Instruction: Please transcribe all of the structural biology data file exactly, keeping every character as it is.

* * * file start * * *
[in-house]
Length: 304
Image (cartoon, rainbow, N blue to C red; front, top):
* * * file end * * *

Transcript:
[in-house]
Length: 304
Image (cartoon, rainbow, N blue to C red; front, top):